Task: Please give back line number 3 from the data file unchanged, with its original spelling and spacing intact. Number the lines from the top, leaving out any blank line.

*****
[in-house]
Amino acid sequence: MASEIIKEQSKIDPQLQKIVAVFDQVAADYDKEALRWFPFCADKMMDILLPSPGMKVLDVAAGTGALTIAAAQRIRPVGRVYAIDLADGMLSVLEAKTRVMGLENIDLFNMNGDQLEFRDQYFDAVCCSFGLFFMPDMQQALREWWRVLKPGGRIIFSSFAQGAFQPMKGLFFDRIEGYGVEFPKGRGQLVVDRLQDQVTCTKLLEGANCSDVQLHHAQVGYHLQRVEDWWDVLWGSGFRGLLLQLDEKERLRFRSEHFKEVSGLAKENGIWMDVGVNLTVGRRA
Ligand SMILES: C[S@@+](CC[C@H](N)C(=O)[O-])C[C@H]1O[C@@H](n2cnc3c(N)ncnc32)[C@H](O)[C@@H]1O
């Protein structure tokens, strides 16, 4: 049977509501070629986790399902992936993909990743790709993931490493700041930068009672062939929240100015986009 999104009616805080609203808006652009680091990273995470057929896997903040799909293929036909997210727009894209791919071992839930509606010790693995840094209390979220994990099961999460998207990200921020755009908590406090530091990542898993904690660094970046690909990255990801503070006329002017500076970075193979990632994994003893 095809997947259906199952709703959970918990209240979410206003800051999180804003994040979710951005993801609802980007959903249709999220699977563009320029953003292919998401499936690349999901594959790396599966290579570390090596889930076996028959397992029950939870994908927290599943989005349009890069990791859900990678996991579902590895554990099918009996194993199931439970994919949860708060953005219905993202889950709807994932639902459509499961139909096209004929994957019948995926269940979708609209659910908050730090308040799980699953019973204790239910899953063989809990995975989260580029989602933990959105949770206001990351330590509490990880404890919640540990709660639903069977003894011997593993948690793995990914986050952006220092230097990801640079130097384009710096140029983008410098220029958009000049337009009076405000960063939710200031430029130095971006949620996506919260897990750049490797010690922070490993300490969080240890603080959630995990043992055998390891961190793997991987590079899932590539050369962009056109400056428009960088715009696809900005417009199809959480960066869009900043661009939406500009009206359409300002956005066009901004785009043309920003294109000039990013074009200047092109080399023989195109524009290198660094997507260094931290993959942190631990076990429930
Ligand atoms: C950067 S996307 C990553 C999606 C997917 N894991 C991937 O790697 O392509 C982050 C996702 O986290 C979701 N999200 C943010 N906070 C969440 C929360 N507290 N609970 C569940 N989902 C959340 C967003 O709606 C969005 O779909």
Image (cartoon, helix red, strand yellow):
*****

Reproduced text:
Ligand SMILES: C[S@@+](CC[C@H](N)C(=O)[O-])C[C@H]1O[C@@H](n2cnc3c(N)ncnc32)[C@H](O)[C@@H]1O